March: New ESPN President Harvey Levin promises big changes from the “Worldwide Leader.” He immediately installs an open bar on the Bristol Campus and encourages reporters to get “lubed up” before on-air assignments. Tony Kornheiser is reassigned to Monday Night Football duties but is told he will not be allowed on-air with a BAC lower than .08. He is immediately nominated for an Emmy. NFL owners officially lock-out players. Following in the footsteps of Rick Pitino and John Calipari, former UK coach Billy Gillespie finalizes an agreement to coach the Irish National Basketball team. In lieu of salary, Gillespie accepts payment in cases of Jameson. Blogger Boycott 2K11 continues as Bill Plaschke calls for the arrest of FanGraphs editor Dave Cameron because the FanGraphs website “doesn’t actually have any graphs.” ESPN blogger and noted Sabermetrician Keith Law shows up to cover Spring Training in Arizona appearing to have put on 30lbs of off-season muscle.
April: The Duke men’s basketball team wins its second consecutive NCAA Championship in Houston, TX. However, Duke’s celebration is overshadowed by a seemingly-intoxicated George W. Bush stumbling onto half court during halftime of the championship game looking to fight Billy Packer because he looks like that “Cheney guy.” W refuses to leave the court until friend Jim Nantz convinces him Packer retired a few years ago. Tensions rise on Opening Day when Joe Morgan intentionally bumps into Ken Tremendous at the Giant-Dodger game in Los Angeles. Before Joe can threaten the Fire Joe Morgan blogger, Tremendous asks Morgan a question about the importance of “concetration” and consistency, enabling his escape.
May: NFL players and owners reach a critical impasse over whether or not to extend the season to eighteen games. Enraged that vandals stole all of his tennis trophies, Pete Sampras makes good on his promise to “win all new ones” by defeating Rafa Nadal at the French Open.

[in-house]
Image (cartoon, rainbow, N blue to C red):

June: Down 3-0 in the Finals against the Miami Heat, the Los Angeles Lakers rally to win four games in a row. Kobe Bryant averages 42 points per game as the Heat implode. After Game 7, LeBron asks to be traded to the Knicks so he can play with best friend Timofey Mozgov. Dwayne Wade threatens to sit out the ’11-’12 season if Bron is traded. Chris Bosh cries and hides in an empty locker. Meanwhile, the NHL enjoys pre-2004 ratings as two Original Six franchises battle for the Stanley Cup.
July: All hell breaks lose during the MLB All-Star break in Arizona when 11 players are detained by local police for being in violation of SB 1070, Arizona’s controversial immigration law. During a pregame radio show, Rob Dibble begins to criticize Blogger Boycott 2K11, taking shots at former nemesis Keith Law in the process. Unbeknownst to Dibble, Law is listening to the broadcast a few feet away and a brawl ensues, engulfing the entire broadcast area injuring eight people and killing three. The fracas continues until Bill James enters the fray and starts throwing haymakers at anyone in his way. Bud Selig demands the game continue until he finds out the National League team has no relief pitchers or first basemen because they have all been detained. The game is subsequently cancelled.